questions but I was certain I did not want to be known for the time I spent in
prison. If given recognition I wanted it to be for my work--not for some creepy
infatuation our movement has with martyrdom. I also repeatedly rolled over a
quote in my head (one I heard several times before): "I bet you they'd take us
seriously if we had a publicist." This led me to start
The Sparrow Project, a grassroots
creative publicity agency that braids activism with the arts and popular
culture. There are a handful of us working on projects and developing campaigns
to publicize and incubate grassroots activism efforts, forward-thinking
musicians, writers and artists. This week, with Merch Direct, we launched
our line of benefit
shirts. The proceeds of each shirt are split between the Sparrow Project and
the nonprofit cause it triumphs. We collaborate with upcoming artists and
designers to produce the shirts and shoot a video with them. Recently, we were
stoked to find that Randy J. Hunt of the design studio
Citizen Scholar would partner with
Sparrow to shoot a video about designing for social change and would re-work
Robert Indiana's Love Park typographic art to say the word
"VEGAN". The shirt is already a hit in our online store and benefits
Sparrow has partnered with the Surfrider
Foundation and Clean Ocean Action
and local music heros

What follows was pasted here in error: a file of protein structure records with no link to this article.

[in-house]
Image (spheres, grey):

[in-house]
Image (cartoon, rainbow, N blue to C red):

Envy On The Coast to raise awareness and opposition to a proposal to build
an artificial island off the coast of New York that would import Liquid Natural
Gas. We also teamed up with Special Sauce and the
Uganda Skateboard Union to
help build and expand
park in Kampala Uganda to include an adjacent school. We also organized a
and supplies-drive for victims of the earthquake in Haiti. We have new
projects and videos on the way this spring from the amazing Leanne Mai-Ly
Hilgart of Vaute Couture and the
all-too-eloquent Joshua Katcher
... to name a few. I am also making time to do speaking events like the one this
Tuesday and work towards finally finishing the book I wrote while in prison.
Whoa, you are one busy bee! Let's switch gears: Tell me about surfing.
It's my favorite thing to do. I love being in the ocean and at the beach. I like
being in the water around sunrise and sunset the most. I like seeing the sun
through the curtain of the barrel. Being enveloped in the ocean is like a
surreal watercolor painting and I am pretty sure every surfer has a deep
connection to those brief moments in the barrel. No matter how many times it is
articulated in surf magazines and videos, words always fall short of describing
the experience of getting "barreled."
What music are you listening to these days?
Kidz in the Hall, Drake, Sufjan Stevens, and Buffalo Springfield's "For What
What is your ideal meal?
Road's End's Macaroni &
Chreese with broccoli in it.
Catch Andy Stepanian and Dara Lovitz at NYU's Law School on Tuesday, March 23.
More info: http://sparrowmedia.net. Kevin
Kjonaas remains incarcerated. You can
support him by writing a letter
or donating to his support fund.